Advertisement

Image Dominant Colors Estimation and Color Reduction Via a New Self-growing and Self-organized Neural Gas

  • A. Atsalakis
  • N. Papamarkos
  • I. Andreadis
Part of the Lecture Notes in Computer Science book series (LNCS, volume 3773)

Abstract

A new method for the reduction of the number of colors in a digital image is proposed. The new method is based on the development of a new neural network classifier that combines the advantages of the Growing Neural Gas (GNG) and the Kohonen Self-Organized Feature Map (SOFM) neural networks. We call the new neural network: Self-Growing and Self-Organized Neural Gas (SGONG). Its main advantage is that it defines the number of the created neurons and their topology in an automatic way. Besides, a new method is proposed for the Estimation of the Most Important of already created Classes (EMIC). The combination of SGONG and EMIC in color images results in retaining the isolated and significant colors with the minimum number of color classes. The above techniques are able to be fed by both color and spatial features. For this reason a similarity function is used for vector comparison. To speed up the entire algorithm and to reduce memory requirements, a fractal scanning sub-sampling technique is used. The method is applicable to any type of color images and it can accommodate any type of color space.

Keywords

Color Space Neighboring Classis Neural Network Classifier Lateral Connection Color Quantization 
These keywords were added by machine and not by the authors. This process is experimental and the keywords may be updated as the learning algorithm improves.

References

  1. 1.
    Heckbert, P.: Color image quantization for frame buffer display. Computer & Graphics 16, 297–307 (1982)CrossRefGoogle Scholar
  2. 2.
    Wan, S.J., Prusinkiewicz, P., Wong, S.K.M.: Variance based color image quantization for frame buffer display. Color Research and Application 15, 52–58 (1990)CrossRefGoogle Scholar
  3. 3.
    Ashdown, I.: Octree CQ, from the book: Radiosity-A Programmer’s Perspective. Wiley, New York (1994)Google Scholar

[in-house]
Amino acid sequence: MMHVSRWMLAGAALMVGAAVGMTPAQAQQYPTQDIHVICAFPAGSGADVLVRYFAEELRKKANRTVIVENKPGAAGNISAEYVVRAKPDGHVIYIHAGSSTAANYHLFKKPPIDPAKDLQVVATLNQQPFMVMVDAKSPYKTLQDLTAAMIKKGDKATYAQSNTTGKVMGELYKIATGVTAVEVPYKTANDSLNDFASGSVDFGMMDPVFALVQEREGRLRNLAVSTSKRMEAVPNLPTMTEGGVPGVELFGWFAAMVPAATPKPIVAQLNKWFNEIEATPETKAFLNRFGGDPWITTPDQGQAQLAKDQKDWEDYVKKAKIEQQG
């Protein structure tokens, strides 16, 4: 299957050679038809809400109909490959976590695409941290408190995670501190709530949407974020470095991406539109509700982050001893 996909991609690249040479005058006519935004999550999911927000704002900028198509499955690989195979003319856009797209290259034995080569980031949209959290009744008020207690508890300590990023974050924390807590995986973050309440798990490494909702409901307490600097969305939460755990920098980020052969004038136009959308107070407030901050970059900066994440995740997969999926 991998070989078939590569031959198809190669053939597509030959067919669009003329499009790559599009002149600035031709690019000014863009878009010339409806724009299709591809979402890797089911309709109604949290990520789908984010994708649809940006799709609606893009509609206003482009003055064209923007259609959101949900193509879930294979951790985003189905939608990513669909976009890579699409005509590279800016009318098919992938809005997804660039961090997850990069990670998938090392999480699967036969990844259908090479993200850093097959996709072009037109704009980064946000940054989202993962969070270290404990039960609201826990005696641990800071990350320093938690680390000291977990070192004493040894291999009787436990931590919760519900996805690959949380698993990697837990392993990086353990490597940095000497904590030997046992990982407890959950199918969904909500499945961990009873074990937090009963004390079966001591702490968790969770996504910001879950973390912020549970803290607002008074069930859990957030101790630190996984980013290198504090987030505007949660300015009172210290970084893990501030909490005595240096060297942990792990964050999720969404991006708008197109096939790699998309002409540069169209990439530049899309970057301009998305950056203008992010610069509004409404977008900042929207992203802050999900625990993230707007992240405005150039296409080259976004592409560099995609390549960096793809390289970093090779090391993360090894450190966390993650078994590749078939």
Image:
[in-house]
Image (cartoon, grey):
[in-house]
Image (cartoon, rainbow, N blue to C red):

4. 4.
    Wu, X.: CQ by dynamic programming and principal analysis. ACM Transactions on Graphics 11, 348–372 (1992)zbMATHCrossRefGoogle Scholar
  5. 5.
    Papamarkos, N., Atsalakis, A., Strouthopoulos, C.: Adaptive Color Reduction. IEEE Trans. On Systems, Man, and Cybernetics, Part B 32, 44–56 (2002)CrossRefGoogle Scholar
  6. 6.
    Baraldi, A., Blonda, P.: A Survey of Fuzzy Clustering Algorithms for Pattern Recognition—Part I&II. IEEE Trans. On Systems, Man, and Cyb., Part B 29, 778–801 (1999)CrossRefGoogle Scholar
  7. 7.
    Carpenter, G., Grossberg, S., Rosen, D.B.: Fuzzy ART: Fast stable learning and categorization of analog patterns by an adaptive resonance system. Neural Networks 4, 759–771 (1991)CrossRefGoogle Scholar
  8. 8.
    Bezdek, J.C.: Pattern recognition with fuzzy objective function algorithms. Plenum Press, New York (1981)zbMATHGoogle Scholar
  9. 9.
    Buhmann, J.M., Fellner, D.W., Held, M., Kettere, J., Puzicha, J.: Dithered CQ. In: Proceedings of the EUROGR 1998, Lisboa, Computer Graphics Forum, vol. 17(3), pp. 219–231 (1998)Google Scholar
  10. 10.
    Papamarkos, N., Atsalakis, A.: Gray-level reduction using local spatial features. Computer Vision and Image Understanding 78, 336–350 (2000)CrossRefGoogle Scholar
  11. 11.
    Papamarkos, N.: Color reduction using local features and a SOFM neural network. Int. Journal of Imaging Systems and Technology 10, 404–409 (1999)CrossRefGoogle Scholar
  12. 12.
    Kohonen, T.: The self-organizing map. Proceedings of IEEE 78, 1464–1480 (1990)CrossRefGoogle Scholar
  13. 13.
    Dekker, A.H.: Kohonen neural networks for optimal CQ. Computation in Neural Systems 5, 351–367 (1994)zbMATHCrossRefGoogle Scholar
  14. 14.
    Huang, H.Y., Chen, Y.S., Hsu, W.H.: Color image segmentation using a self-organized map algorithm. Journal of Electronic Imaging 11, 136–148 (2002)CrossRefGoogle Scholar
  15. 15.
    Rahman, A., Rahman, C.M.: A new approach for compressing color images using neural network. In: Processing of CIMCA, Vienna, Austria, pp. 12–14 (2003)Google Scholar
  16. 16.
    Fritzke, B.: A growing neural gas network learns topologies. In: Tesauro, G., Touretzky, D.S., Leen, T.K. (eds.) Advances in Neural Information Processing Systems, pp. 625–632. MIT Press, Cambridge (1995)Google Scholar
  17. 17.
    Martinetz, T.M., Schulten, K.J.: Topology representing networks. Neural Networks 7(3), 507–522 (1994)CrossRefGoogle Scholar
  18. 18.
    Comaniciu, D., Meer, P.: Mean Shift: A robust approach toward feature space analysis. IEEE Transactions on Pattern Analysis and Machine Intelligence 24(5) (2002)Google Scholar

Copyright information

© Springer-Verlag Berlin Heidelberg 2005

Authors and Affiliations

  • A. Atsalakis
    • 1
  • N. Papamarkos
    • 1
  • I. Andreadis
    • 1
  1. 1.Image Processing and Multimedia Laboratory, Department of Electrical & Computer EngineeringDemocritus University of ThraceXanthiGreece

Personalised recommendations